The rationale behind the evolution of alternate directorship in Nigeria is quite important. There is little or no copious literature on this. However some writers have indicated that prior to the coming into force of the CAMA in 1968 (and subsequent amendments), multi-national companies which had local subsidiaries whose directors were non-residents as a matter of business expediency and convenience established a mechanism through which they were represented in the meetings of the companies in order to ensure that the activities of the Companies were not shut down on the altar of their unavailability to attend meetings. They achieved this by giving notice to the company of an appointment of another director or other persons to act in their stead at the meeting(s).20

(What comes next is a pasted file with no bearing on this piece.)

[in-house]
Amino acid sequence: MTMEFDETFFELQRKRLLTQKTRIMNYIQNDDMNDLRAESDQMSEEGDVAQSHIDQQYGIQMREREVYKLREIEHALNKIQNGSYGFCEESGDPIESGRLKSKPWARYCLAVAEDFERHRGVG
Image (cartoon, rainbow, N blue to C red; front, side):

The practice of alternate directorship is also consistent with other corporate jurisdictions outside Nigeria 21. However, the power of a director to appoint an alternate director must be provided for in the MeMart, otherwise, any appointment in the absence of such provision in the MeMart may not be recognized.22

In Nigeria, the creation of the position of an alternate director is indeed meant to serve some urgent administrative needs. Customarily, an executive director is not allowed to appoint an alternate. This is because, as an executive director he is expected to be actively involved in the day-to-day activities of the company 23. Alternative Director is not proxy but a substantive position. 24 The Alternate ceases to hold office whenever the substantive Director ceases to hold office. The role of an alternate director in practice is typically limited to receiving notices, attending meetings and voting as a director at any meeting where the director appointing him is not personally present.

In the United Kingdom 25, subject to the provision of the MeMart of the company, alternates are deemed for all purposes to be directors and they have fiduciary duties to the company. One notable limitation placed on his powers and duties is that he is only permitted to sign a written resolution of a meeting provided that his appointor did not sign. 26